Sam Smith

sam-smith

Sam Smith             December 2016

As Sam stood there, he wasn’t thinking about the utility of the bowl he held in his hands.  He wasn’t considering what it did.  He was just comfortable knowing this was one of the things in life for which he was responsible.  There wasn’t any water in his room.  He just used a cloth to wipe it out after his meal.  The cloth would later find its way into the laundry.

Sam was OK with this life.  He would say to himself, “Sam Smith, you are not going to be much, but you will be who you are.”  His residence, if you could call it that, was in the home of Doreen Chown.  She was a retired, North England pub entertainer who had moved to America in the late 1980’s.  “An ample old broad,” as she would call herself not infrequently, with flaming red hair, which may or may not have been natural at one time.  Doreen kept a clean, orderly house, and Sam enjoyed the peace and quiet.

He shared a bathroom down the hall with the other roomer Fred, and all three of them got along just fine.  Sam’s room was simple with a bed, sheets and a comforter.  There were two pillows on the bed so Sam could prop himself up to read.  The room was completed with a four-drawer chest and one small closet for his boots and shoes. Those would get him through the seasons of Chicago weather, though the chill of winter was some time off.  They were enjoying the bright days of spring.

On the wall Sam had hung a just-big-enough cross to remind himself.  He didn’t mind leaving his room but he did enjoy coming back to it.  You might think, if you looked at his life, that a good nightly rest was one of his only pleasures and in this you would be correct.  Living on Social Security, just existing, Sam would never get ahead as society put it.  He didn’t worry about that.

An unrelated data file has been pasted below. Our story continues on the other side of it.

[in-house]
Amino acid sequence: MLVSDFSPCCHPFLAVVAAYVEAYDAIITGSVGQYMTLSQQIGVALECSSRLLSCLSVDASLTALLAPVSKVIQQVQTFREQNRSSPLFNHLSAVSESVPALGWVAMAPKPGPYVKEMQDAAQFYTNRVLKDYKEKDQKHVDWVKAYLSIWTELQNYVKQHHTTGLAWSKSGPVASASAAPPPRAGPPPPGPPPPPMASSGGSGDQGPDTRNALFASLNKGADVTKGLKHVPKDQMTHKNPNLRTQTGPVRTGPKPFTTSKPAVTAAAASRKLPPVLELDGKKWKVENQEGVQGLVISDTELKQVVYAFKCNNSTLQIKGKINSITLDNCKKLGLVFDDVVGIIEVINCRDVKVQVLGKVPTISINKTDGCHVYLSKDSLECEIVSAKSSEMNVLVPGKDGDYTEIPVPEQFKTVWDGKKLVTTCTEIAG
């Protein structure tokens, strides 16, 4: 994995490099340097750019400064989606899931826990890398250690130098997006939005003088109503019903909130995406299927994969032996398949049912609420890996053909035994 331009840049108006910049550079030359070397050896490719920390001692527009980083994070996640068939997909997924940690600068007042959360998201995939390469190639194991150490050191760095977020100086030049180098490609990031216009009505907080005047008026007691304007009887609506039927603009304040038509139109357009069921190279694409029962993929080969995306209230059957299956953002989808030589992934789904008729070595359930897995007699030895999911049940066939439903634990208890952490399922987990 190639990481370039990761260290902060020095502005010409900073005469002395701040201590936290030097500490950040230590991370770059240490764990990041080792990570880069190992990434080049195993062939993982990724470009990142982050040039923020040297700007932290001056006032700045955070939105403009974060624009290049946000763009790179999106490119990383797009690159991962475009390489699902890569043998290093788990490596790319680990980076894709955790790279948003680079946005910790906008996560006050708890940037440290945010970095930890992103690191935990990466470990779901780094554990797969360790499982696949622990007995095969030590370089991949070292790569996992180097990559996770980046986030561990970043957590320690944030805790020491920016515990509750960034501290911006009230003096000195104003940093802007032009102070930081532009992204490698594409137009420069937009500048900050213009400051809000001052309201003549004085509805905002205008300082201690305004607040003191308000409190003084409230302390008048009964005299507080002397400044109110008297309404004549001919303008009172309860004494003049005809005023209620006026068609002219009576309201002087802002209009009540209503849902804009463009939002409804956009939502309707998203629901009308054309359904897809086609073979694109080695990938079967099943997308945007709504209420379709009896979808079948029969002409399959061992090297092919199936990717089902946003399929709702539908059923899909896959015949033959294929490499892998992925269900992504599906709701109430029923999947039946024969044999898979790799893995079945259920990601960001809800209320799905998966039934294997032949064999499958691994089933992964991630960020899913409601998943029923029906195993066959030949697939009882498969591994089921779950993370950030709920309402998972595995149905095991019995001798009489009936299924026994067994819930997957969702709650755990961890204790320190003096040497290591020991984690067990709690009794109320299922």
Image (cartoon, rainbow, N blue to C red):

When asked about his situation, Sam would always say, “The God Lord provides for me.  That’s all I can ask.”  With no children of his own, and his only brother living on the West Coast, Sam didn’t have a lot of family responsibilities.  That didn’t mean that he didn’t have family; everyone loved Sam.  He spent many hours every Sunday morning preparing the coffee for his church brothers and sisters who would come by the thousands, three hours after Sam got there.  He sliced the 500 muffins into quarters as the percolators bubbled and steamed and filled the air with the delight of coffee well prepared.

Then one day, he was gone, just gone.  The committee went to Doreen’s and she explained that Sam had quietly passed away in his sleep the preceding Monday.  A solemn service was held and Sam’s memory quickly passed into eternity except in one place.  The angel’s sang with joy and his Good Lord spoke, “Well done, good and faithful servant Sam.”

 

 

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